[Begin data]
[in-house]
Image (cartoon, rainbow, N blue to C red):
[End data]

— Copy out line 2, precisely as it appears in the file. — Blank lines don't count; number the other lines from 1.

Image (cartoon, rainbow, N blue to C red):